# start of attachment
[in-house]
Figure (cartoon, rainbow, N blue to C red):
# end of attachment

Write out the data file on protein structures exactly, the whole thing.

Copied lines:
[in-house]
Figure (cartoon, rainbow, N blue to C red):